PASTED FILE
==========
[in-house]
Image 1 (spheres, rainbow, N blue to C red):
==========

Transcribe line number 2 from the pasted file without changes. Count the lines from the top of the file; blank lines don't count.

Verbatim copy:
Image 1 (spheres, rainbow, N blue to C red):